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03.02.2021

Edward KRUK, Ph.D. | When Children Are Taught to HATE the Other Parent | Douglas TODD, Vancouver Sun

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Edwar KRUK, Ph.D. – is a Canadian sociologist and social worker. He has conducted internationally recognized research on child custodyshared parentingfamily mediation, divorced fathers, Parental Alienation (PA), parental addiction, child protection, and grandparent access to their grandchildren. KRUK is an associate professor of social work at the University of British Columbia. He is the founding president of the International Council on Shared Parenting.

 

Shared Parenting

KRUK conducted research on shared parenting after divorce or separation, particularly highlighting the importance of the father’s involvement to the children’s well-being. He has studied the impact of family separation on estranged fathers.[2][3][4][5] KRUK also researched children’s reactions to shared parenting and the family court system.[6][7]

KRUK has studied the effect of mothers who have lost custody rights. He noted that when court systems are accused of favoring mothers in the United States and Canada, the courts responded with an increased ratio of legal determinations of paternal custody as opposed to shared parenting. This places a mother’s relationship with their children at serious risk. Taking an international perspective, KRUK has noted that the gender aspect of the shared parenting discussion is very different across the world. In countries like Iceland, shared parenting is seen by women as an important gender equality issue. In contrast, many women’s organizations in Canada and the US are against shared parenting, with some going so far as to characterize it as a „fathers’ rights conspiracy”. In other countries, such as Turkey and Iran, shared parenting is seen by women as an important women’s rights issue, as sole paternal custody is the current norm. KRUK has concluded that „the characterization of parental alienation and shared parenting as 'fathers’ rights’ issues has rendered invisible the plight of many mothers, and negatively affected the global campaign to establish shared parenting as the foundation of family law as a fundamental right of women and their children.”[8][9][10]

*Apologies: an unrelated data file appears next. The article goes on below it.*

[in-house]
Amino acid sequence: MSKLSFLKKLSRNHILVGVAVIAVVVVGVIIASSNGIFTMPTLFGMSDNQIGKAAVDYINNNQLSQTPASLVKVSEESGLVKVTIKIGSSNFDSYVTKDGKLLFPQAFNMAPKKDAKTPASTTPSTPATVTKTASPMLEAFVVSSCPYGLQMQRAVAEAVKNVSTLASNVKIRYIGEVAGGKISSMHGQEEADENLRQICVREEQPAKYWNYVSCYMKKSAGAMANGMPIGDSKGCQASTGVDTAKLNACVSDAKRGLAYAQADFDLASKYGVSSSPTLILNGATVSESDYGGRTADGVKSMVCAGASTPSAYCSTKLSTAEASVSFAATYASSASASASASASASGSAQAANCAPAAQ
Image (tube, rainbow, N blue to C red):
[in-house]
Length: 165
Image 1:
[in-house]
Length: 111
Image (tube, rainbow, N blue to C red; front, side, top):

KRUK has also evaluated reasons for push-back against shared parenting. According to KRUK, there have been three waves of criticism against shared parenting as a legal presumption and the default custody arrangement. In the first wave, shared parenting was considered outlandish because children need one primary parental figure to bond with, child development suffers from frequent moves between two households, and one should not disrupt the „status quo”. When scientific research disproved these assumptions, a second wave of criticism argued that shared parenting increases parental conflict and is only suitable for parents who get along well as co-parents. After research again disproved this claim, a third wave of criticism acknowledged that while shared parenting may be the best solution for most children, there should be no presumptions in custody proceedings, so that each judge can decide what arrangement is in the best interest of a child.[11][12]

Grandparents and Grandchildren

As part of his work on family mediation, KRUK determined that it was important for the children of divorced parents to have an active relationship with their grandparents. He concluded that grandparents „often play a vital role in helping grandchildren adjust to the consequences of parental divorce, providing a sanctuary for the emotional needs of their grandchildren at a time when parents, faced by the multiple losses and transitions attendant to divorce, maybe less emotionally available and responsive to their children.”[13][14][15]

Parental Alienation

KRUK and colleagues have argued that parental alienation is similar to the historical, social, and political denial or other forms of abuse in many parts of the world, such as child abuse a century ago. They have defined it as a form of family violence. To prevent and overcome parental alienation, KRUK has argued for establishing shared parenting as the foundation of family law, effective legal enforcement parenting orders, professional recognition of parental alienation as a form of child abuse, and the provision of effective treatment programs and reunification services for alienated parents and their children.[16][17][18][19]

„Mir wëlle bleiwe wat mir sinn an mir kënnen e Beispill fir den Rescht vun Europa sinn.” –

– „We want to remain what we are and we can be an example for the rest of Europe.”

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